THE TEN KINGDOMS; THE NAME OF THE BEAST;THE TWO
WITNESSES;--THE PROPHETICAL DATES.
THERE are a few important features connected with the prophecies concerning Antichrist, as contained in Daniel and St. John, which were not dwelt upon in the former chapter, in order that the main subject of inquiry might not be interrupted: they cannot however be passed over without a more distinct notice, and it is purposed therefore to advert to them in the present chapter. The first to which the attention of the reader is requested is
THE TEN KINGDOMS.
1. The fourth beast of Daniel vii., it will be recollected, is represented to the prophet as having ten horns, (v. 7;) which horns are explained to be “ten kings that shall arise,” (v. 24;)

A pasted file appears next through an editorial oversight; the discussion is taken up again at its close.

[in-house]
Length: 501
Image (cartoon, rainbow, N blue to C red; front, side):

* I have not taken notice of the particulars in Daniel vii. viii. and xi. and other prophecies brought forward in the previous sections of this chapter which may be considered to apply specially, or else in a secondary sense, to infidel antichristianism. For as particular features of the prophecies seem more especially to suit popery, or Mahometanism, though a sort of family likeness may be traced in all; so is it in regard to the infidel Antichrist; some portions appear intended for it more especially, though a certain similitude will doubtless be found in many others. When, e. g. at the French revolution, the Christian Era was abolished, and weeks were changed to Decades, we seem to see the horn that thinks to change times and laws. At that time also we especially see “a mouth opened in blasphemy," and the majesty of the people exalted above every thing that is called God and that is worshipped," as is stated of the Man of Sin. "And various similar points of resemblance may no doubt be traced.